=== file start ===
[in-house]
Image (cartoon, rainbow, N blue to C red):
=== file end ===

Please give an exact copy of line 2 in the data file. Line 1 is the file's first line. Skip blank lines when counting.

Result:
Image (cartoon, rainbow, N blue to C red):